Thousands of recycling units in India are currently importing raw materials and processing them to produce finished products for their applications in the housing and construction sectors except other cost sensitive industries. These blends are officially approved by government authorities. Finished products made from mixed raw materials or locally produced waste are similar to imported products of a similar type. This means that there is a limited compromise on the quality of the finished products, even if they are made from mixed raw materials.
The Department of Commerce under the Ministry of Commerce and Industry has recommended the Department of Chemicals and Petrochemicals for wider consultation with stakeholders before the implementation of mandatory quality standards, scheduled for October 15, 2021. The parties Industry stakeholders, however, have called for a postponement in the proposal to implement BIS quality standards on raw materials for one year, if not fully withdrawn. A final decision, however, has yet to come from the BIS.
â€œThe government should first introduce BIS quality standards on finished products. Once the industry stabilizes with quality standards on finished products, BIS should think about its extension to raw materials, only after broader consultations with industry stakeholders, â€said Sanjay Mehta, president of the Material Recycling Association of India (MRAI), at Polymerupdate.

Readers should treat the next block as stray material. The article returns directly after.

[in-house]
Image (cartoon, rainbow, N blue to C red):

MRAI earlier this week hosted a two-day Recycling Business Summit 2021 event in Goa, possibly the first physically attended seminar on the topic in India since the outbreak of the coronavirus (Covid-19) pandemic reported in the country in February 2020.
It should be mentioned here that on April 12, 2021, BIS issued a notification in which value chain actors, including manufacturers, suppliers and processors were given six months to adhere to the quality standards. of BIS on polymers.
Mehta urged recyclers to come together and voice their concerns to the respective designated authorities until they are heard.
â€œThe BIS regulation on the quality of raw materials (i.e. polymers) is only the result of twist-of-arms tactics applied by primary producers because they (primary producers) want the government to impose complete restrictions on the import of scrap metal. With this, the demand for virgin materials will increase, which will ultimately support their sales and profits. With the aim of preventing such an intention, the MRAI is carrying out a series of discussions with the authorities concerned to paint a clearer picture, â€Mehta said.
Speaking at the inaugural session of Asia’s largest Recycling Business Summit 2021 in Goa, Sudhir Kumar, Advisor, NITI Aayog, assured that BIS standards would not be unfair to industry players and urged recyclers not to hesitate to develop them.
Dhawal Shah, director of Metco India, told Polymerupdate: â€œEnvironmental concerns also apply to primary producers who import coal to generate electricity. But the recycling industry saves natural resources and energy to make finished products competitive.
Meanwhile, recycling is not an option but a necessity as the materials used must be collected, supplied and processed to support the circular economy, preserve natural resources for future generations and produce end products at competitive prices. .
Mohan Agarwal, managing director of Century Metal Recycling Ltd, told Polymerupdate: â€œThe government should not stop the influx of raw materials by restricting the import of scrap metal. The reduction in scrap imports will create challenges for secondary manufacturers who turn the wheels of the circular economy in accordance with the Paris Pact. “
DILIP KUMAR JHA